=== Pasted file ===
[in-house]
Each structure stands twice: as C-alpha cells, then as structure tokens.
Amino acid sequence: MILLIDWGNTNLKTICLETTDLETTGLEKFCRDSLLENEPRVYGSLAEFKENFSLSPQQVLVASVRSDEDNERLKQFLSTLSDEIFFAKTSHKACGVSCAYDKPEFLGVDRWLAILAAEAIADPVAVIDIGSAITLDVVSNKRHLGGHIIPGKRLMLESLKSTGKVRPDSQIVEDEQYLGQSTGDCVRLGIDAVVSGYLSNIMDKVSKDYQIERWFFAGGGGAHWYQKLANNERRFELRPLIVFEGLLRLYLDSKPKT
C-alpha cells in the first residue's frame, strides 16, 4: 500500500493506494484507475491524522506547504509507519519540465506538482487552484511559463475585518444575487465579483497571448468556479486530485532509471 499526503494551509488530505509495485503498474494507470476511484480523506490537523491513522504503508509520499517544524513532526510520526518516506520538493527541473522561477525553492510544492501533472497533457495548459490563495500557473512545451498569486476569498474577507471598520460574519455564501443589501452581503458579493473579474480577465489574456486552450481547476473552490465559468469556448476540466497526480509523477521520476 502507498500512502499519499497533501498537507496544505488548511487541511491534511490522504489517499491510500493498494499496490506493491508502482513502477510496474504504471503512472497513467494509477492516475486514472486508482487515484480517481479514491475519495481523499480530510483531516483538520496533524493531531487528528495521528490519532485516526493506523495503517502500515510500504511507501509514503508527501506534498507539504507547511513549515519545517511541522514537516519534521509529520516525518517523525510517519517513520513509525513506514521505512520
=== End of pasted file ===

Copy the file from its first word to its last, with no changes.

[in-house]
Each structure stands twice: as C-alpha cells, then as structure tokens.
Amino acid sequence: MILLIDWGNTNLKTICLETTDLETTGLEKFCRDSLLENEPRVYGSLAEFKENFSLSPQQVLVASVRSDEDNERLKQFLSTLSDEIFFAKTSHKACGVSCAYDKPEFLGVDRWLAILAAEAIADPVAVIDIGSAITLDVVSNKRHLGGHIIPGKRLMLESLKSTGKVRPDSQIVEDEQYLGQSTGDCVRLGIDAVVSGYLSNIMDKVSKDYQIERWFFAGGGGAHWYQKLANNERRFELRPLIVFEGLLRLYLDSKPKT
C-alpha cells in the first residue's frame, strides 16, 4: 500500500493506494484507475491524522506547504509507519519540465506538482487552484511559463475585518444575487465579483497571448468556479486530485532509471 499526503494551509488530505509495485503498474494507470476511484480523506490537523491513522504503508509520499517544524513532526510520526518516506520538493527541473522561477525553492510544492501533472497533457495548459490563495500557473512545451498569486476569498474577507471598520460574519455564501443589501452581503458579493473579474480577465489574456486552450481547476473552490465559468469556448476540466497526480509523477521520476 502507498500512502499519499497533501498537507496544505488548511487541511491534511490522504489517499491510500493498494499496490506493491508502482513502477510496474504504471503512472497513467494509477492516475486514472486508482487515484480517481479514491475519495481523499480530510483531516483538520496533524493531531487528528495521528490519532485516526493506523495503517502500515510500504511507501509514503508527501506534498507539504507547511513549515519545517511541522514537516519534521509529520516525518517523525510517519517513520513509525513506514521505512520